Congestive Heart Failure In Dogs

  1. Introduction
  2. What is congestive heart failure in dogs and what causes it?
  3. Symptoms
  4. Diagnosis
  5. Treatment
  6. Prognosis
  7. Prevention
  8. Sound of normal heart beat and one with a murmur
  9. Video
  10. Emergency


Yep, I have made the break. I’m talking about dogs. But it doesn’t seem such a big change to me. After all there are many families that have both cats and dogs. And many people like both

congestive heart failure in dogs a dog with heartworm

cats and dogs. There is a large overlap. I have written about HCM (Hypertrophic Cardiomyopathy) in cats (link 1link 2). This is a nasty heart disease that results in the thickening of the heart wall. There is a sort of crisis in the Bengal cat fraternity about it as it affects the beautifully athletic Bengal cat to a concerning level. Damn, I’m back to cats again…. Actually, congestive heart failure affects cats and dogs so this post is about cats too! It is the most common heart problem in our canine friends1, especially in smaller breeds2. The disease normally affects older, overweight dogs.

What is congestive heart failure in dogs and what causes it?

The title gives us the clue as to what congestive heart failure in dogs is. The dog’s heart fails to adequately supply the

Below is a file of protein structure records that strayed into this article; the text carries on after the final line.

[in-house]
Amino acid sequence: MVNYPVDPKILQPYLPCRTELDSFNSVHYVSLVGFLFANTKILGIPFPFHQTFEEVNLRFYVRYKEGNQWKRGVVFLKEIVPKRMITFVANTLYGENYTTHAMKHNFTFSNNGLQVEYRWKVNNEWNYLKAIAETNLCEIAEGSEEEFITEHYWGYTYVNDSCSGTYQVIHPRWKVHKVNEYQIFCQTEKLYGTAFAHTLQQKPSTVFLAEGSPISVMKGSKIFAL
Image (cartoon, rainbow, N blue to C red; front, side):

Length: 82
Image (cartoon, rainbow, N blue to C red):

diagram of a heart

organs of the body with sufficient supplies of blood to meet needs. The health of the major organs such as the kidneys, lungs, liver and other organs are impaired as a consequence3. The reason why the heart fails to perform adequately is due to these possible reasons4:

  1. Myocardial Failure: means a defect in myocardial contraction or an abnormality of myocardial function5. Myocardial means: muscles of the heart6. The ventricles don’t contract strongly enough resulting in the blood being pushed from the heart with insufficient force. The underlying cause of the weakened muscle contraction could be (a) drugs. It is said that all drugs should be treated as poisons7, (b) not enough blood (carrying oxygen) getting to the heart, (c) the chambers of the heart are too large, (d) an infected or inflamed heart and/or (e) persistent abnormal rhythms of the heart.
  2. Hereditary weakness8.
  3. Heartworms9. Can cause high blood pressure causing heart to work harder10.
  4. ‘Volume overload’ – too much fluid in the heart. Heart valve defects such as: leaky valves and/or valve degeneration,
    • inflammation of heart valves,
    • chronic anemia. Anemia means less than the normal number of red blood cells or less than the normal quantity of hemoglobin in the blood11.
    • or toxins.
  5. High blood pressure causing the heart to become enlarged. High blood pressure can be caused by narrowing of blood vessels, heartworm disease, which I mention above.
  6. The ventricals. These are the bottom chambers of the heart. They are unable to fill properly resulting in a lower output of blood from the heart to the body.